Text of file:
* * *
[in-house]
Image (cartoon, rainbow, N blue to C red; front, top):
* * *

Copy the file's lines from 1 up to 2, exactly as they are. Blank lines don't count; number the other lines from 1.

[in-house]
Image (cartoon, rainbow, N blue to C red; front, top):